Microsoft Trying to Make Xbox Live Safer, Friendlier for Young Players

Important news for parents of teen and younger Xbox Live users may have slipped under the radar this week. Microsoft rolled out two initiatives that are designed to make Xbox safer for young users, and identify users who are playing and communicating in a way that is unpleasant or unsafe.

According to Microsoft’s Xbox Wire blog:

We have built in a series of carefully designed controls so no individual participant can wield unchecked power over another. The system will also continually calibrate itself to understand how reliable the data is and the sources it comes from.

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The first initiative is called Xbox Enforcement United, and users who sign up will be encouraged to provide their opinion on whether in-game content violates the Xbox Live Code of Content. While reportable content may initially be limited to Gamertags (user names) this is a great step in the right direction.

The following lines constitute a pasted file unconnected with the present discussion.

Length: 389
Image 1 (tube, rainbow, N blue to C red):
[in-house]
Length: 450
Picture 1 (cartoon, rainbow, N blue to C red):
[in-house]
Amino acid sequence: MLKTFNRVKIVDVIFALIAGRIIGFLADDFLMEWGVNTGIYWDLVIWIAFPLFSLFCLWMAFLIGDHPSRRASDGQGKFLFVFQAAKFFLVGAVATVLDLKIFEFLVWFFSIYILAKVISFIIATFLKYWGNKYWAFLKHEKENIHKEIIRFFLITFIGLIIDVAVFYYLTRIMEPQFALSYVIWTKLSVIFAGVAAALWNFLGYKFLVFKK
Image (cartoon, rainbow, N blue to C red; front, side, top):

Screen Shot 2013-08-04 at 7.32.20 AMThe second initiative is called Xbox Community Level, and qualifying users can register now and contribute opinions and information designed to improve the Xbox experience. Users contributing the best feedback will be eligible to receive rewards and recognition.


Parents may not be aware of the fact that young users are chatting in-game, either by voice or text, and in many or most cases do not know who they are chatting with, how old they are or what their intentions might be. Xbox Live has a team of agents dedicated to improving the online gaming experience, but in our view they can’t reach the next level without user input. According to a recent Microsoft announcement, Xbox live has 48 million registered users. Undoubtedly, thousands of those are bullies, trolls, use language that would make parents cringe or in the worst-case scenario, are child predators. Microsoft’s new announcements should be welcome news for parents of online gamers.


Contact ThirdParent any time for help and resources for monitoring teen internet activity.

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